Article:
Easier said than done after Kelly Sutherland kept his whistle in the pocket when Tyler Bozak tripped — or even slew footed — Noel Acciari leading directly to David Perron’s backbreaking tally in Game 5. The Boston Bruins, despite another head-scratching night from the men in stripes, had a chance despite not performing at a peak level after the first period.
Bruce Cassidy’s squad can’t do anything about it now. The Bruins face a 3-2 series deficit on the road for the second time this postseason. This time, they’re looking to postpone the Blues’ Stanley Cup celebrations at Enterprise Center and force another seventh and decisive game back in Boston for hockey’s ultimate prize.
“There’s a little bit of emotion that comes in after the game,” Cassidy said to reporters during Friday’s off day. “The emotion now is we’ve got to put it behind us and we got to win Game 6. That’s what’s in front of us. How do we prepare to win Game 6? That’s where my mindset is today.”
The preparations began at Saturday’s practice where the Bruins will look to somehow find 5-on-5 success against the Blues, who will have Robert Thomas back in the lineup after a four-game absence. Boston’s top-six was neutralized through the first five games against a physically talented St. Louis squad led by the likes of Brayden Schenn, Jayden Schwartz, Vladimir Tarasenko, Colton Parayko and Alex Pietrangelo (just to name a few).
They’ll have one less physical presence to worry about too, as Ivan Barbashev earned a one-game ban for his head hit on Marcus Johansson. And yes, the officials missed that call too while staring directly at the play.
Yet, Craig Berube persists with his talking point following Game 3 of the Stanley Cup Final. But this time he used this answer as a question to countering the Bruins’ physicality.
“I’ll bring it up again,” Berube said following Sunday’s optional skate, “we’ve been the least penalized team in the playoffs. We’re a physical team for sure, I’m not denying that, but we’re doing it in the boundaries of the game. We play a clean game, but we’re physical though, and so are the Bruins. They outhit us last game, and I expect the same [physicality] tonight. They play hard and our team respects that too. And we have to be ready for them.”
The Bruins need to be ready from the get-go. They overcame a 2-0 deficit in Game 1, but didn’t come back after allowing the first goal in Games 4 and 5.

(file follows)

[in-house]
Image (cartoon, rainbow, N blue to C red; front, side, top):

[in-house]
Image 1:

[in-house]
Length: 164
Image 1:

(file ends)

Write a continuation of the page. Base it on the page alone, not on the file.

But they’ve been in this position before, down three games to two with their season on the line in Toronto. They overcame Auston Matthews, John Tavares the Maple Leafs in Game 6 before burying them again for the second year at TD Garden for a second year in a row.
“I think we have a lot to learn from in that series,” Patrice Bergeron said about the first round matchup against their Original Six foes. “We just played our game, and we were ourselves and we came out on top.”
The cliche sounds simple, right? Just play to your identity and come out on top. Again, that’s easier said than done at this time of year.
But Bergeron knows it’s true. He’s one of five members of the 2011 Stanley Cup squad that remain on the team eight years later. Of course, those Bruins forced a Game 7 in Vancouver after chasing Roberto Luongo for the second time during that Cup Final matchup.
They were on the other side of that too, dropping a Game 6 at home against the Blackhawks two years later in a span of 17 seconds — a game where Bergeron played with a punctured lung and bruised ribs.
With puck drop quickly approaching, Bergeron had one message to share with his teammates that haven’t faced elimination in the Cup Final, specifically drawing back to that 2011 run.
“Just stay in the moment and just focus on the shift that’s in front of you. That’s all you can focus on and you need to give it everything you got,” said Bergeron, who notched just one point in the last two games. “We often say that those series are long series, and it’s definitely not over.”
It’s not over until the final whistle for sure. But the Bruins, with Karson Kuhlman returning to the lineup, have areas of improvement entering Game 6.
Establishing a strong, physical forecheck and getting off to a quick start are the two main priorities — especially 5-on-5. The Bruins peppered Jordan Binnington with 18 first period shots but went into with a big fat 0 on the scoreboard. They’ve had their chances, sure, especially with Binnington’s susceptible rebound control.
The opportunistic Blues buried their chances in the rare cough up from Tuukka Rask. The Bruins need to counter against a shaky netminder, just like they against Frederik Andersen and Toronto. Otherwise, the streets of St. Louis will be signing Gloria and celebrating their first Cup in franchise history.
The only thing the Bruins want to do after tonight: move on and host a Game 7.
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